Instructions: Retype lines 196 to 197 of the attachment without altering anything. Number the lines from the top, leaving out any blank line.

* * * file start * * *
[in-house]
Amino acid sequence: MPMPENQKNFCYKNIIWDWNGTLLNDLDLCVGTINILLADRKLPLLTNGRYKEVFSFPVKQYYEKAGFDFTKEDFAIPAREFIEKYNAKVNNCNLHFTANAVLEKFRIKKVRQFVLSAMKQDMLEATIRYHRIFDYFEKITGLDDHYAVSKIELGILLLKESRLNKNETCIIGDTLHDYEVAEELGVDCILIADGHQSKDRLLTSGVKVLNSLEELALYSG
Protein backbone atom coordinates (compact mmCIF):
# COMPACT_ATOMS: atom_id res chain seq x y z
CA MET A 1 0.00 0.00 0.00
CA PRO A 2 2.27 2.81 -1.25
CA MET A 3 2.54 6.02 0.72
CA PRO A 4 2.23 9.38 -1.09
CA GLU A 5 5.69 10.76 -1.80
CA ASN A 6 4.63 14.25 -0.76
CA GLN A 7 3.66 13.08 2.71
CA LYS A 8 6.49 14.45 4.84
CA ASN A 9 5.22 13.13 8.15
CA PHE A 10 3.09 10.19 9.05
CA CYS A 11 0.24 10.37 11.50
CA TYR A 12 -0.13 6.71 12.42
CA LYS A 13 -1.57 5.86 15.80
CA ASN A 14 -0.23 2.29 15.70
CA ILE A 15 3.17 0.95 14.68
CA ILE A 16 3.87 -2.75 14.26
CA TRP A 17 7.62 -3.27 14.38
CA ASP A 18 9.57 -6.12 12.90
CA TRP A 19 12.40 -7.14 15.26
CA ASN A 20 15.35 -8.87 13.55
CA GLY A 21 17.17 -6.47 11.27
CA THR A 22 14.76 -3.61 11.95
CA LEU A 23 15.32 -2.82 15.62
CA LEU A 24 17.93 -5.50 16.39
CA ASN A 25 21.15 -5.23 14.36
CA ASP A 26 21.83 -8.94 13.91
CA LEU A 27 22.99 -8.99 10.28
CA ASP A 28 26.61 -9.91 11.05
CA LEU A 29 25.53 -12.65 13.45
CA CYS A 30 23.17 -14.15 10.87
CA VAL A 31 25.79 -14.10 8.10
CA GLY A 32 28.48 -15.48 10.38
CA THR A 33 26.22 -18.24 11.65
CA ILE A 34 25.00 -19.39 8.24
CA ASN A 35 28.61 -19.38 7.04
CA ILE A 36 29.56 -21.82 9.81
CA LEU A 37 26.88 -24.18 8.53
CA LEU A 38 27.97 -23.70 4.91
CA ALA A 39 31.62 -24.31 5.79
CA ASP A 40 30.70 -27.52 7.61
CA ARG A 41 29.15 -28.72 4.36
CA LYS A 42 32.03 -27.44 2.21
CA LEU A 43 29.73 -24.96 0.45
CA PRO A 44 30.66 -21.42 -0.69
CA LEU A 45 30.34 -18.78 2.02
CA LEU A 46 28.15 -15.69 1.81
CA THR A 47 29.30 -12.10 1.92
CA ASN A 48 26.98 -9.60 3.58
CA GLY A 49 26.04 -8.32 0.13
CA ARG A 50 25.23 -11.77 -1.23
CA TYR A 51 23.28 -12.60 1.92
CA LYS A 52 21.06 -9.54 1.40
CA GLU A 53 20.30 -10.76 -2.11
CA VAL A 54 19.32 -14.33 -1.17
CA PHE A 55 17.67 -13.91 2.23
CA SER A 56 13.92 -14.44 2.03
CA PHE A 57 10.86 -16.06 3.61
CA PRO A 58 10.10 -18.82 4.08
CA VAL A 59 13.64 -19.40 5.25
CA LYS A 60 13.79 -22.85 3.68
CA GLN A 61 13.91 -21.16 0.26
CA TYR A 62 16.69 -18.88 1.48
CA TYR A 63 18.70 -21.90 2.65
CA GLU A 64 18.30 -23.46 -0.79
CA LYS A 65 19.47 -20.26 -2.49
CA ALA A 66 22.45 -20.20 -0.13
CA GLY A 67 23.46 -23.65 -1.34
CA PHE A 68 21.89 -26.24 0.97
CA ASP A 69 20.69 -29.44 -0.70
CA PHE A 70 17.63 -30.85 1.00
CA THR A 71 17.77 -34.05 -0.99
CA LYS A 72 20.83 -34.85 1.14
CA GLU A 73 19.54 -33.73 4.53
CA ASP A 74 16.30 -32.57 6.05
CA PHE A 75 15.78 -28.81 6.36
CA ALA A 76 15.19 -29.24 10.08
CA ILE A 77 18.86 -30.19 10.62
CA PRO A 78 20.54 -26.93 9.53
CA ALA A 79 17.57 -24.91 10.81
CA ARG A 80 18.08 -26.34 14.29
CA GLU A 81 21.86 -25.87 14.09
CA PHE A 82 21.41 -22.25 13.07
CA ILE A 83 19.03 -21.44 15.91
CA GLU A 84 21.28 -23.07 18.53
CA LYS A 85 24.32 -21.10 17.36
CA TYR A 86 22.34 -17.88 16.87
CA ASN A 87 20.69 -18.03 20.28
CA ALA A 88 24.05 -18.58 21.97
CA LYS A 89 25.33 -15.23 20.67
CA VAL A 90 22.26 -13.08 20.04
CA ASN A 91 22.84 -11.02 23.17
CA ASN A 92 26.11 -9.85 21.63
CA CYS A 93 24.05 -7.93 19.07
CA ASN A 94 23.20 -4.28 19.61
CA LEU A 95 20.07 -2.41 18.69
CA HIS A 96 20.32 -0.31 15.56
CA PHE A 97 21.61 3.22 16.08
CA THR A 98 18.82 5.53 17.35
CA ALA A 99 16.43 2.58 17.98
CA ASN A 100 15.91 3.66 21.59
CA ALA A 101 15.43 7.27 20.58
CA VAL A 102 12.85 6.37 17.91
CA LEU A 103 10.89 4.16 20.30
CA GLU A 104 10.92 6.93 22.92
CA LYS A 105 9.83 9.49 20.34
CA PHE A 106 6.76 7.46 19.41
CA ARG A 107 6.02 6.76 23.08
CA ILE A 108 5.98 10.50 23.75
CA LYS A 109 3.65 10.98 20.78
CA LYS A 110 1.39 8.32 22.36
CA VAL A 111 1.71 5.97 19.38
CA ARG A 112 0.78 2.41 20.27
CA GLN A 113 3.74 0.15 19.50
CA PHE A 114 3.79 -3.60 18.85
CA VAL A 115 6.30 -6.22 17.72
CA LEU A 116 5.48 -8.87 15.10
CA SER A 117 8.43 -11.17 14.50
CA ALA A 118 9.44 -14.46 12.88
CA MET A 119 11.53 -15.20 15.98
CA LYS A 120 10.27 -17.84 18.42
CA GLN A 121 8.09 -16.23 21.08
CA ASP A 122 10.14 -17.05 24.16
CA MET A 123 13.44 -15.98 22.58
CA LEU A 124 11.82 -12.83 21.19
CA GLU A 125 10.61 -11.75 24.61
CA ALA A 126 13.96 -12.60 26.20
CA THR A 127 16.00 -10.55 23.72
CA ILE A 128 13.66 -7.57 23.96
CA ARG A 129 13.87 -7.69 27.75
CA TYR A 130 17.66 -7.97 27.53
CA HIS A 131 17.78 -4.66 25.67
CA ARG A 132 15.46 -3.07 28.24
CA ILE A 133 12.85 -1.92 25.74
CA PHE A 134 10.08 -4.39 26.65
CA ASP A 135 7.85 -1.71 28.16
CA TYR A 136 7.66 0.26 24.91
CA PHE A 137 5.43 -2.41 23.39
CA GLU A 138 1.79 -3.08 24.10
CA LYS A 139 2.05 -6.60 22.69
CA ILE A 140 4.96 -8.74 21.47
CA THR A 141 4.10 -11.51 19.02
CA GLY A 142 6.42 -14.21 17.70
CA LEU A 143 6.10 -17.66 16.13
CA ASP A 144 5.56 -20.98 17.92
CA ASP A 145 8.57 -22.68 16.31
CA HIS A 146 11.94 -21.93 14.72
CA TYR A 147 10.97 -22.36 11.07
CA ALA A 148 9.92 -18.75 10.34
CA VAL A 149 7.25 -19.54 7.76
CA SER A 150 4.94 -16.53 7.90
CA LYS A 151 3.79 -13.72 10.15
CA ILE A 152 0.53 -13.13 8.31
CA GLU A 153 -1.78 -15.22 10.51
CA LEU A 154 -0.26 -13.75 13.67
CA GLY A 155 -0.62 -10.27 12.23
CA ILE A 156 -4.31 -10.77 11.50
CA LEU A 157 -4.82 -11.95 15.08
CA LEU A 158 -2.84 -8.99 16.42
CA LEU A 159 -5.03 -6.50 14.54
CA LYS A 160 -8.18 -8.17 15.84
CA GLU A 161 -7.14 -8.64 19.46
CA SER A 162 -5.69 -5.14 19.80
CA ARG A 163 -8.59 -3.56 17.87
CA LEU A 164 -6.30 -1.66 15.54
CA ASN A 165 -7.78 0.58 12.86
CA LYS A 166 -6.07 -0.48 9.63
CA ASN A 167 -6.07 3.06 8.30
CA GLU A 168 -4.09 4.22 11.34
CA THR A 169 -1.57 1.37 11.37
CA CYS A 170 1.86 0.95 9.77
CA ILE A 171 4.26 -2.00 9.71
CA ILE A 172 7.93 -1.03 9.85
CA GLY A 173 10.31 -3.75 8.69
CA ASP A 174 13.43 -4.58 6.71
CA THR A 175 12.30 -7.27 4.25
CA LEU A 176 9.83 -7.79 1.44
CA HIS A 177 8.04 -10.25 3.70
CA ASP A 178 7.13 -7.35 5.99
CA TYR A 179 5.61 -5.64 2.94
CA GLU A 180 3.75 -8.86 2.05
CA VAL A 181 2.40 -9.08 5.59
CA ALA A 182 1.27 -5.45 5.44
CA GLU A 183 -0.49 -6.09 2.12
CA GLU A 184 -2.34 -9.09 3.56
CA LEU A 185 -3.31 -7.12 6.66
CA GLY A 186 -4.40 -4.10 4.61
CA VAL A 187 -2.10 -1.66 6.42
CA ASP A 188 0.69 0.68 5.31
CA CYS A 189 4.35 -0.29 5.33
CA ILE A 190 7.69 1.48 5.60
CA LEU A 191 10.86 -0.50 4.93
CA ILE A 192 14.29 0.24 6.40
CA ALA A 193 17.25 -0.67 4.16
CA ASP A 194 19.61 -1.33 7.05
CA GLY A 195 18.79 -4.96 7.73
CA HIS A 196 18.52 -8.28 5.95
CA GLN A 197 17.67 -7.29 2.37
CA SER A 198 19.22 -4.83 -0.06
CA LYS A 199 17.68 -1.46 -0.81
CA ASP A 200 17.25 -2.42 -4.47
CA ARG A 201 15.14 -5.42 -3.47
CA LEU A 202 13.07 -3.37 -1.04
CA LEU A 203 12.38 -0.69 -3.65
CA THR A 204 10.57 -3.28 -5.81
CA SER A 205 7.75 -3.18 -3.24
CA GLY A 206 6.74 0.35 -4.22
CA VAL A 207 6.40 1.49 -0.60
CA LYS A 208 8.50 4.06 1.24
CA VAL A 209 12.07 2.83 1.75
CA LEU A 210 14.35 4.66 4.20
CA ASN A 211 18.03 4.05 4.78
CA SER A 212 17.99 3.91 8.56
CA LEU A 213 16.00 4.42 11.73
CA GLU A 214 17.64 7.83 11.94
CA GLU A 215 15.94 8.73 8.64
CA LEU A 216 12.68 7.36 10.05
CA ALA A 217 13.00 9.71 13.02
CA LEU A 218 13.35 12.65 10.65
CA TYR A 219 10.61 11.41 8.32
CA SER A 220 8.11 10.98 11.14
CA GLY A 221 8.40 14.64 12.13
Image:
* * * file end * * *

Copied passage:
CA ILE A 192 14.29 0.24 6.40
CA ALA A 193 17.25 -0.67 4.16